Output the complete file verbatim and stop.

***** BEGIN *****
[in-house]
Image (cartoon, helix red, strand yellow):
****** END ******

[in-house]
Image (cartoon, helix red, strand yellow):